I never got to see Bognor when it was first shown on television. It ran for 21 episodes from 1981-2 at a time when I wasn't watching much if any TV. Years later, I had the pleasure of meeting Tim Heald, author of the books on which the show was based, and asked him about it. To cut a long story short, he felt that Thames TV had made a bit of a mess of it. For instance, he'd very much favoured Derek Fowlds being cast in the lead as Simon Bognor, but in the end the role went to David Horovitch, a decent actor but perhaps not ideal for the part. They also put the shows out at times which were unlikely to attract a big audience.
Thanks to Talking Pictures TV, it's now possible to judge Bognor for myself. This channel has a real knack of finding lost gems, as well as some shows and films that haven't really stood the test of time. They have run Public Eye, the downbeat series about the private eye Frank Marker, which was very low-key but pretty good, and the obscure but rather enjoyable anthology series Shadows of Fear as well as the original Van der Valk, which I found surprisingly disappointing.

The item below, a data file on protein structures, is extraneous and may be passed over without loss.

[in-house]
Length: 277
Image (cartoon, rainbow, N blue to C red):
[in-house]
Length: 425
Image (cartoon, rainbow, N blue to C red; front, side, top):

Bognor comprised the adaptations of four books, starting with Unbecoming Habits, set in a monastery, with one of the monks played by Patrick Troughton. Bognor, who works for the Department of Trade, is sent to investigate a suspicious death. There are some pleasing moments in the story, but overall it's pretty lightweight and forgettable. Apparently the series was cancelled long before it came to an end, and in all honesty, I can see why.
I'm glad to have caught up with it, though. Tim was as amusing in person as he was on the page, and although he took the disappointment of the adaptations in his stride, his enthusiasm for writing about the character waned. I encouraged him to consider reviving Simon Bognor after a long hiatus, and he duly contributed a fresh Bognor short story to an anthology I edited for the CWA, Original Sins. Before long, he was working on a new Bognor novel. Thanks to Bognor, I've thought back to those times (too few, alas) that I spent in his convivial company, and those pleasant memories are enough to keep me watching, even if the scripts don't quite do the trick.